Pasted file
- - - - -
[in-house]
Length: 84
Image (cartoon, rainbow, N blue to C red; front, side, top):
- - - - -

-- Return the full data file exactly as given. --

[in-house]
Length: 84
Image (cartoon, rainbow, N blue to C red; front, side, top):